• Back up data on a regular basis. The quickest way to backup files is to plug an external hard drive into your computer and copy the files to it. If you are connected to a network, you can also back up to a network drive on another computer. Make sure important data is always backed up first. Cloud services are a much more cost-effective solution for backups, and data can be restored promptly. As a caution, cloud services are potentially accessible by hackers so if you must entrust data to it, make sure it is encrypted.
  • One routine mistake produced in database design is to display detailed, error messages whenever a process is not working. With this, a hacker can determine if a database is a potential victim for an injection attack by analyzing the error message in further detail. To avoid this, implement comprehensive testing scenarios to ensure database applications can immediately fall back into safe mode if a process behaves corrupt and deter any critical risk error messages being displayed.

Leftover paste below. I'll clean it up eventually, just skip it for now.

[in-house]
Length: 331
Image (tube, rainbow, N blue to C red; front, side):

• Engage an expert to collect and analyze quantitative and qualitative data security metrics across the workplace. These collected metrics should enrich the security procedures in place and provide value to the enterprise. Regular risk assessment is an excellent technique to measure and define security metrics to gain further insights and assess security status and position.
  • A database index is a data structure used to improve a query’s execution time. By quantifying how long it takes for a particular database index to query a dataset, a hacker can leverage the structure of a database. To avoid this, do not deploy these indexes on datasets that are considered proprietary and confidential.